Carl Von Clauseewitz Analysis

749 Words 3 Pages
When looking at the works of both Carl von Clausewitz and John Boyd, there are many points of similarity and one particular difference. The point of similarity with the most common threads is that of the ever-changing and dynamic nature of war. This includes Clausewitz’s ‘Trinity’ and Boyds ‘OODA loop’ cycle, particularly the ‘Orient’ phase. The main point on which they differ is Clausewitz perceiving defense as the main focus as opposed to Boyd’s inherent bias toward the offense. The central point of both Clausewitz and Boyd’s teachings is the thread in which they share the most similarities; their analysis of the dynamic and ever changing nature of war. Clausewitz used his ‘Trinity’ to describe this, Boyd his ‘OODA loop’. For Clausewitz, …show more content…
Clausewitz stated in ‘On War’ that “…As we shall show, defense is a greater form of fighting than attack.” Further, Clausewitz detailed “…defense over attack often destroys the effect of polarity, and this explains the suspension of military action.” Both of these observations are in direct conflict to Boyd’s teachings. The main theory and intent behind Boyd’s ‘OODA loop’ is that a commander needs to use this decision cycle to try and act in a faster manner than his adversary. He felt that the individual who can act on this cycle faster will create an advantage of “…variety, rapidity, harmony, and initiative” and ultimately lead to military victory. An aggressive bias for action in battlefield decision-making is, by nature, an inherently offensive concept used to confuse and disorient your enemy, and therefore in stark contrast to Clausewitz’s defensive focus and ”..suspension of military action”. In particular relation to today’s Marine Corps warfighting doctrine, Boyd’s offensive theory is the more relevant of the two as it can be found interlaced throughout MCDP-1, chiefly within “Chapter 2: The Theory of War” where the bias for offense can be found within the sections on ‘Initiative and Response’, ‘Surprise and Boldness’, and is explicitly referenced within the ‘Speed and Focus’ discussion of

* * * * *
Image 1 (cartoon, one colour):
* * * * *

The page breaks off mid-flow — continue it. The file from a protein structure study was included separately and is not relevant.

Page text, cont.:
Related Documents